Perth’s vacancy rate has dropped to 5.3 per cent – the lowest since July 2015.
REIWA President Hayden Groves said Perth’s latest vacancy rate for January 2018 had improved significantly since June 2017.
It’s quite remarkable to see it this low considering seven months earlier Perth’s vacancy rate soared to 7.3 per cent the highest we have ever experienced, and now it’s back at levels last seen in 2015.
The vacancy rate is a good indicator for how the entire rental market is tracking, with reiwa.com data for February showing stable rent prices and declining listing levels. Leasing activity did drop off in February, however levels are still healthy and trending above long term averages, – Mr Groves said.
The reiwa.com vacancy rate is compiled using data obtained from a monthly survey of REIWA members. The survey details how many rental properties members manage and how many of those are vacant.
Mr Groves said there were a number of factors that had contributed to lowering the vacancy rate, such as an increase in population growth and a reduction in average tenure time.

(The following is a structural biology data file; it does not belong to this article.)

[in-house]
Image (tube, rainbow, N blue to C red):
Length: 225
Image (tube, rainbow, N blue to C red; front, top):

Population growth in WA has started to improve. Rental markets always feel the effects of population trends, with new entrants into the state the first to soak up rental stock.
Tenants are also moving more frequently. In 2014 for example, the average tenure time was 45 months, fast forward to 2017 and it’s now 34 months, which is almost a full year less. This has led to an increase in leasing activity which has driven demand for rentals and had a positive effect on the vacancy rate.
Another contributing factor is the reduction in the number of new dwelling commencements across the Perth Metro area. This has played an important role in lowering the vacancy rate. With less new dwellings coming onto the market, existing rental stock is now being soaked up, which is why rental listings have declined 19 per cent over the last year.
After a challenging few years for landlords and investors, it’s pleasing to see some parity return to the rental market, with tenants and landlords seeing benefits simultaneously, – Mr Groves said.